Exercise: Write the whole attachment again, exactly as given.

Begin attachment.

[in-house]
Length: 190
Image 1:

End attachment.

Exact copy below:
[in-house]
Length: 190
Image 1: